About this item

In Women in Love (1920), Ursula and Gudrun Brangwen who first appeared in Lawrence's earlier novel, The Rainbow, take center stage as Lawrence explores their growth and development in their relationships with two powerful men, Rupert Birkin and his friend Gerald Crich. A novel of regeneration and dark, destructive human passion, Women in Love reflects the impact on Lawrence of the First World War in the potential both for annihilation and salvation of the self. A full introduction and detailed notes offer an illuminating discourse on one of Lawrence's most extraordinary, innovative, and unsettling works.About the Series: For over 100 years Oxford World's Classics has made available the broadest spectrum of literature from around the globe. Each affordable volume reflects Oxford's commitment to scholarship, providing the most accurate text plus a wealth of other valuable features, including expert introductions by leading authorities, voluminous notes to clarify the text, up-to-date bibliographies for further study, and much more.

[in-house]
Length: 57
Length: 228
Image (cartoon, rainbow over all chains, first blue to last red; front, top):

About the Author

D. H. Lawrence

was an English writer of the 20th century, whose prolific and diverse output included novels, short stories, poems, plays, essays, travel books, paintings, translations, literary criticism and personal letters. His collected works represent an extended reflection upon the dehumanizing effects of modernity and industrialisation. In them, Lawrence confronts issues relating to emotional health and vitality, spontaneity, human sexuality and instinct. Lawrence's opinions earned him many enemies and he endured official persecution, censorship, and misrepresentation of his creative work throughout the second half of his life, much of which he spent in a voluntary exile he called his "savage pilgrimage. " At the time of his death, his public reputation was that of a pornographer who had wasted his considerable talents. E. M. Forster, in an obituary notice, challenged this widely held view, describing him as "the greatest imaginative novelist of our generation. " Later, the influential Cambridge critic F. R. Leavis championed both his artistic integrity and his moral seriousness, placing much of Lawrence's fiction within the canonical "great tradition" of the English novel. He is now generally valued as a visionary thinker and a significant representative of modernism in English literature.



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